10 comments:

JB said...

@ Alexis:

I forget...did you end up going with hard-fast rules for the acquisition of illness? And if so, how would that fit with this method of fatigue (decreased immune system and increased vulnerability to colds and whatnot)?

Ray Doraisamy said...

It is elegant. I wonder how it stacks activity intensity and environmental effects such as the heat index. As usual, you've got me thinking.

Alexis Smolensk said...

I never did, JB,

But if I based a flat chance on stats, then the above would fit like a glove.

Ozymandias said...

Expsoure to the elements: starting point on this scale is increased. And if the heat/cold index (or the apparent temperature) is high/low enough, the time shrinks from every hour to every half- or quarter-hour. Wearing protective (as appropriate) clothing brings the starting penalty back down.

You may not implement this, but I'm sure gonna steal it.

Jon Gilliam said...

The 5e rules do incorporate something called levels of exhaustion which cover cases like a forced march or starvation, although I haven't had an appropriate opportunity to incorporate them yet in my campaign.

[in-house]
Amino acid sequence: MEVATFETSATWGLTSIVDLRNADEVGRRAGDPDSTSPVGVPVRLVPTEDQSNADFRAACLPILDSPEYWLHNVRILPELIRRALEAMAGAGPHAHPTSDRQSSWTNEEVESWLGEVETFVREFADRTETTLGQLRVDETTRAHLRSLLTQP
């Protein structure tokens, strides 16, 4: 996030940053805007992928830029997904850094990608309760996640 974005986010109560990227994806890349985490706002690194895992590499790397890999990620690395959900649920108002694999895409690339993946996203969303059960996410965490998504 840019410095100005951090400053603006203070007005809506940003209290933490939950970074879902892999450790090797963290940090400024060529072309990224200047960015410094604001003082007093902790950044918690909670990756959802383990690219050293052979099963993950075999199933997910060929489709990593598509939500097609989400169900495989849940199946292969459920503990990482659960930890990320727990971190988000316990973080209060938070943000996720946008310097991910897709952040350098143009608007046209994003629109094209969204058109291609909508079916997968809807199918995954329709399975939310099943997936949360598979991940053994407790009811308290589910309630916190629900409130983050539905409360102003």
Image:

Oddbit said...

Additive or multiplicative with low HP effects do you think?

ScrivenerB said...

Tangential, but this reminds me of the stereotypical vision of Europeans exploring in Africa. They don't try to carry every last damn thing themselves. They don't try to DO every last damn thing themselves. They have bearers and guides and scouts and some body servants to cook and make camp. Why? All so they're not incredibly tired all the time. The walking is hard enough without all that other nonsense. If you DID implement some version of your rule it might serve to encourage such things.

Oh, and the explorers rely on bearers rather than mules or (good lord) horses because pack animals bring on a world of extra cares of their own. Far better to try to come to terms with the locals, or something like locals.

Maxwell Joslyn said...

Good thinking, ScrivenerB.

Jeremiah Scott said...

I'm guessing your job right now has your endurance knocked quite a ways down the Fibonacci scale. I miss daily updates, but I've been there too. Here's to future job opportunities that allow you to do what you love and pay the bills!

Ktulu said...

I've used the 5e exhaustion rules a lot in my current game and they do a fancy job of forcing a longer rest after so many levels are picked up. Basically, when the party gets to half movement, they usually choose to make camp for a few days and rest it out. Half movement through a dense forest or heavy snow drift just isn't worth it. And the eventual attack penalties that show up really scare the players thinking about possible ambushes.